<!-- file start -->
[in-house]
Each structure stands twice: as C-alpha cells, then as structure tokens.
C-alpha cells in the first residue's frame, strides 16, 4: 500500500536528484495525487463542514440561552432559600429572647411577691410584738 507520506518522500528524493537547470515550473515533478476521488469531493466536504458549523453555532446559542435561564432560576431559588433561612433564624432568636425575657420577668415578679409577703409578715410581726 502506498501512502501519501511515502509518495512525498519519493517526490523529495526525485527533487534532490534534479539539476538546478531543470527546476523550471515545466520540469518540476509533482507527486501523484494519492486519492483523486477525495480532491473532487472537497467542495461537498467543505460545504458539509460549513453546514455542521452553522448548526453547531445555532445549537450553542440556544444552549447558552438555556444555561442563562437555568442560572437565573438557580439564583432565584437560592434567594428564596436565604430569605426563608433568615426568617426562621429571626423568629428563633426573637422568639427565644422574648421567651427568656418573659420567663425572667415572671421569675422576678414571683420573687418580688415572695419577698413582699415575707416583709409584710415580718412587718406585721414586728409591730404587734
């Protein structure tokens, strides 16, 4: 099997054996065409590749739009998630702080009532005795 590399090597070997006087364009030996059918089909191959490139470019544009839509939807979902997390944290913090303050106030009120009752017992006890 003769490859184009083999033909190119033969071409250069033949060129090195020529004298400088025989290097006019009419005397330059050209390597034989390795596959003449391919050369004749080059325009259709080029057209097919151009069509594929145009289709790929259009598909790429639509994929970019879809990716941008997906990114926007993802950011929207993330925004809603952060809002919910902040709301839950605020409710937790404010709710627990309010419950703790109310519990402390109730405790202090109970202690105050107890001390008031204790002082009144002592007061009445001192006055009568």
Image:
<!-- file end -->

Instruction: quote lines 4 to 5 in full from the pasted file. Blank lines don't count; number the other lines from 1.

């Protein structure tokens, strides 16, 4: 099997054996065409590749739009998630702080009532005795 590399090597070997006087364009030996059918089909191959490139470019544009839509939807979902997390944290913090303050106030009120009752017992006890 003769490859184009083999033909190119033969071409250069033949060129090195020529004298400088025989290097006019009419005397330059050209390597034989390795596959003449391919050369004749080059325009259709080029057209097919151009069509594929145009289709790929259009598909790429639509994929970019879809990716941008997906990114926007993802950011929207993330925004809603952060809002919910902040709301839950605020409710937790404010709710627990309010419950703790109310519990402390109730405790202090109970202690105050107890001390008031204790002082009144002592007061009445001192006055009568």
Image: